Tobacco smoke in restaurants has posed public health concerns. The government of Taiwan adopted the strictest rule in the implementation of Smoke-Free-Restaurants-Program (SFRP), which required all joined restaurants to be completely smoke-free, including kitchens and restrooms. The SFRP aimed to minimize the annoyance and adverse health effects from side stream smoke in restaurants by the collaboration of public health and health communication. Two-waves of public opinions investigation for residents aged 6+ were completed before (February, 2003) and after (November, 2003) the implementation of SFRP to examine public attitudes. Total sample size was 2,978 and 2,900, respectively. Before and after the SMFP, the rates of environmental tobacco smoke exposure in restaurants decreased from 70.1% to 57.1% (p-value<0.001). In the second wave, the support for smoke-free restaurants achieved up to 92.6% for non-smokers and 75.3% for current-smokers. More specifically, if restaurants became completely smoke-free, approximately ninety percents respondents would increase or at least remain the same consumption, despite of their smoking status. The rate even increased if accompanied by children. Finally, more than eighty percent respondents anticipated that more strict actions employed to prevent environmental tobacco smoke exposure in restaurants, with similar trends among current-smokers and non-smokers. Trends and predictors of public support for SFRP would be further scrutinized. With field evaluation by experts and promotion of accurate concepts of smoke-free environment via mass media in this study, the SFRP evidence in Taiwan may highlight the importance of the cooperation between public health and health communication in future tobacco control issues.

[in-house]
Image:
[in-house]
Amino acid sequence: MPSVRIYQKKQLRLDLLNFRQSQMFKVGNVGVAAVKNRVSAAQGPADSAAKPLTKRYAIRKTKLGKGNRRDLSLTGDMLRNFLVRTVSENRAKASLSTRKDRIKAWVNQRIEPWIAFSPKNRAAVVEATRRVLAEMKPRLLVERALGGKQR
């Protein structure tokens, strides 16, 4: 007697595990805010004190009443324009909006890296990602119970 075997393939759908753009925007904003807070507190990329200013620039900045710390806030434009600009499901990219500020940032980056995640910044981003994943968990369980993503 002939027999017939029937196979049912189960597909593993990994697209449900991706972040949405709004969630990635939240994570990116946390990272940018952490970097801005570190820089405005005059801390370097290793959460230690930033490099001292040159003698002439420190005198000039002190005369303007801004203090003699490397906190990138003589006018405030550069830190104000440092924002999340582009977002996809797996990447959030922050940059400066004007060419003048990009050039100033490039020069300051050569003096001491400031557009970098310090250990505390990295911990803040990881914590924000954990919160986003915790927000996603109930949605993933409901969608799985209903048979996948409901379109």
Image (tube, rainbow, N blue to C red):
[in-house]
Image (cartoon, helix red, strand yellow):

|Publication status||Published - Nov 6 2004|
|Event||The 132nd Annual Meeting (November 6-10, 2004) of APHA - Washington, United States|
Duration: Nov 6 2004 → Nov 10 2016
|Conference||The 132nd Annual Meeting (November 6-10, 2004) of APHA|
|Period||11/6/04 → 11/10/16|